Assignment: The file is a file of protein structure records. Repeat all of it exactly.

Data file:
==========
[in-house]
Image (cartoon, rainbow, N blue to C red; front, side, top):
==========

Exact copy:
[in-house]
Image (cartoon, rainbow, N blue to C red; front, side, top):